11 factors that can lower your property’s value

From a poor renovation job to being located in a bushfire zone, there are plenty of factors that can detract from the value of your property.

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Whether you’re selling a home or investment property, you’ll want to maximise the value and achieve the highest possible sale price. While there’s plenty you can do as a homeowner to increase the value of your home, there are also several external elements which could be driving down your property price.

General state of disrepair

This might seem like an obvious issue that can drive your house price down, but it’s one that’s still worth pointing out. If you’ve ever attended an open-house inspection at a property that’s a shambles, you’ll know that some home owners fail to grasp the importance of keeping a property neat and tidy when trying to sell.

Overgrown lawns and gardens, doors that don’t close properly, mould on the walls and cracked or broken windows can all influence a prospective buyer’s opinion of your property. Not only will it make your home seem undesirable, buyers will also be counting the cost of any repairs they will have to make if they decide to make an offer, and lowering their bid accordingly.

Taking care of all maintenance jobs, applying a fresh coat of paint or replacing old fittings or fixtures can make a big difference to the appearance of your property, and hence to the price.

Bad kerb appeal

Unexpected factors that can lower your property valueThe first impression that your property makes on potential buyers is crucial to the price you’ll achieve. If your house needs a fresh coat of paint, if the trees need pruning or if the side fence is falling down, the asking price drops immediately.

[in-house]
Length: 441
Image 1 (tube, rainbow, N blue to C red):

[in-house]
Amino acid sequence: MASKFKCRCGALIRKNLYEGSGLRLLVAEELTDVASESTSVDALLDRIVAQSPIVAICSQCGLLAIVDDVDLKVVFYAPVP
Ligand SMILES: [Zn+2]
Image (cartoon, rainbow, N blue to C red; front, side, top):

Some factors you think add kerb appeal can actually detract from a potential buyer’s perception of your property. For example, you might love garden gnomes and have them dotted in every square inch of your front garden, but buyers may have a different view.

With this in mind, it’s important that your home is in a reasonable state before you put it on the market. Ensure that the garden is well-manicured, that the fence is painted and that the letter box is modern and clean.

Forgetting to de-personalise

When a potential buyer is inspecting your house, they’re walking through each room trying to picture themselves living there. If it’s hard for them to do that, they may be less likely to put in an offer. No-one wants to be constantly reminded about a house’s past owners, so features like a brightly-coloured kids’ room (including the child’s name and choice of artwork) can actually detract from value.

Poor kitchen and bathroom aesthetics

While every room of the house is important to potential buyers, the kitchen and bathroom are two areas that will receive particulalry close attention. The kitchen is one of the most-used rooms of the house, and potential buyers will want to be able to quickly and easily prepare meals there every day. At the same time, they’ll want the bathroom to be a place where they can unwind and relax after a long day.

So if your kitchen is impractical with limited food preparation space, and if your bathroom has mosaic tiles and a poor layout, this can have a big impact on the overall appeal of your home. Take time to fix those issues.

Dodgy renovations

A DIY renovation can be a great way to save money and achieve the perfect look for your home – but only if you know what you’re doing. A patchy paint job, uneven tiles or joins that don’t line up will stand out to potential buyers.